By Cindy Ryherd

Inside the narthex of our beautiful Congregational Church of Hollis, on either side of the doors leading into the Sanctuary, are two framed drawings done by E.J. Colburn in 1893 (the 150th anniversary of the 1743 ordaining of the church’s first pastor, Rev. Daniel Emerson). E.J. Colburn was a Deacon of the church and a draftsman.

The two drawings are of the pew configuration on the main floor and in the gallery of the Third Meeting House (pictured below) which was erected in 1804, and they show which families owned which pews. There were 95 pews in total (68 below and 27 in the gallery).

At that time, pews were owned by parishioners, the funds used as the primary source of money to build the new church in 1804. The non-assigned pews segregated men and women: men sitting on the west side and women sitting on the east side. Similarly, men entered the Meeting House through the west entrance and women entered through the east entrance.

If you look closely at the two drawings, you’ll see they read like a “Who’s Who” in Hollis and Brookline road names. Of the 49 family names represented in the drawings, 28 have roads named after them in one of the two towns (see table below; bold/italics are road names)!

The pews weren’t like today’s pews which are basically a 6’ to 7’ wooden bench with wooden back with perhaps a cushion on the bench. The pews for the 1804 church were mostly 5’ wide by 6’ long (close to square), neatly paneled and painted, with partitions between each pew. There were a few that would have been a little bigger than 5’x6x.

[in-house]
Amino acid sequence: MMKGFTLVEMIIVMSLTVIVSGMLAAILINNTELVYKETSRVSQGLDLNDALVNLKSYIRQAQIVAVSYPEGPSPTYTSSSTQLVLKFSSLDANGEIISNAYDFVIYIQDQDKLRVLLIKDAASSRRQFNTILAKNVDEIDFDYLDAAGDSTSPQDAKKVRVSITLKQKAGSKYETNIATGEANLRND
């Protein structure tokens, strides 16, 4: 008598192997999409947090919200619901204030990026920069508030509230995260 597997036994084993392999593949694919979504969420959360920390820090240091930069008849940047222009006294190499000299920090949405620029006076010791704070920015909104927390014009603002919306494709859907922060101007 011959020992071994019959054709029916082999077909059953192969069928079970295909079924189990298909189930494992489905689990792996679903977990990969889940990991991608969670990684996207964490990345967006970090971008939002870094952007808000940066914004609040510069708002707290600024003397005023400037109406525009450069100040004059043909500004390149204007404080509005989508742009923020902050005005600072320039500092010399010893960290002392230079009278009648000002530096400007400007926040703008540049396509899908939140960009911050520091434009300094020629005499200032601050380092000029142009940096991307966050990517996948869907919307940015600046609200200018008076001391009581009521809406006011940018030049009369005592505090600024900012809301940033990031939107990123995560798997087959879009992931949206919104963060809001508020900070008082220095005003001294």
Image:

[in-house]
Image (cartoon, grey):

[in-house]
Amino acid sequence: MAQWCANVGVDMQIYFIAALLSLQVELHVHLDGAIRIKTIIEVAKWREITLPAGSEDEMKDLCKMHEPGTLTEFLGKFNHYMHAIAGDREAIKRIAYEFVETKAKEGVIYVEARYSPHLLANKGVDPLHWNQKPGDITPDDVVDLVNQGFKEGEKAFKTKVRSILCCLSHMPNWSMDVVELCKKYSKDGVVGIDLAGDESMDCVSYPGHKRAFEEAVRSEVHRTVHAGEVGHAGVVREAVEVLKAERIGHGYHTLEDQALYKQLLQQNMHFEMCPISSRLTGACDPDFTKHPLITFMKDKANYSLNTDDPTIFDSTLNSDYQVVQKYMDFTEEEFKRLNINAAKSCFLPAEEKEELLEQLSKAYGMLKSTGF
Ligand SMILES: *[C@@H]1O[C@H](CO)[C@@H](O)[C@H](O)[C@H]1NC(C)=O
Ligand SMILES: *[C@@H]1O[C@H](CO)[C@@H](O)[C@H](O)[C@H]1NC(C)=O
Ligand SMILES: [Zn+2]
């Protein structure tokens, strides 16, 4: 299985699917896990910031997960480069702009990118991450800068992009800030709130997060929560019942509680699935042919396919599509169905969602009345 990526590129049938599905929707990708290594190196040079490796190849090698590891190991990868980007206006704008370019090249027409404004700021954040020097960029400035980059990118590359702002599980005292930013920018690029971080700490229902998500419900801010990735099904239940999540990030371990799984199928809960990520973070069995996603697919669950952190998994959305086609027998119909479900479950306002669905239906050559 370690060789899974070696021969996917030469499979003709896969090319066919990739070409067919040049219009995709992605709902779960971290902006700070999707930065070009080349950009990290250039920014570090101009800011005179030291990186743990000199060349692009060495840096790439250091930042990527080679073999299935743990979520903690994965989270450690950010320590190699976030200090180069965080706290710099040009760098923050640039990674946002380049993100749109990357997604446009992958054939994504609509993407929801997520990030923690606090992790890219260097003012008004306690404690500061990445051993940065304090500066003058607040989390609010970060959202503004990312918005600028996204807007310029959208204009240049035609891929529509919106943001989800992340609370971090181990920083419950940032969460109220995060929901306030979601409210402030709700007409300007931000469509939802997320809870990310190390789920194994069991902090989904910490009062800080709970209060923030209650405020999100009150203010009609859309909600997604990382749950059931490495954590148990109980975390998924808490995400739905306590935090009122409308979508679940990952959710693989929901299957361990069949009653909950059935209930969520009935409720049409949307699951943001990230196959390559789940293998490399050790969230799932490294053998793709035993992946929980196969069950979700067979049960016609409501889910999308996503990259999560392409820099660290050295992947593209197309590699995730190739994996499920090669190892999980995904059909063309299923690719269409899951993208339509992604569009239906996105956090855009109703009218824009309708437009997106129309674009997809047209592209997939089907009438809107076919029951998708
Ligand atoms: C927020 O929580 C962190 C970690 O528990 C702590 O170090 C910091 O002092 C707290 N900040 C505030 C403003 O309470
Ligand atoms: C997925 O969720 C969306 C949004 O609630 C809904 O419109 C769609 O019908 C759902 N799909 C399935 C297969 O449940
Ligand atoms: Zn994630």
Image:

Inside the 5’x6’ space was 2’wide, hard, non-cushioned seats which hung on hinges attached to the wall of the pew. When a parishioner stood to pray (which they did quite often back then), the seat would be raised, and when they sat back down, it would be lowered. Elderly might have arm chairs in the pew space, and most pews had long, narrow “leaning boards” placed lengthwise in the pew in front of the occupants upon which they might rest their heads when their drowsiness got the better of their interest in the service (which would easily last two hours).

We are grateful that these two drawings were saved when the Third Meeting House burned down in 1923, and to E.J. Colburn for documenting this piece of our church history in the two drawings.

© 2023 The Congregational Church of Hollis, UCC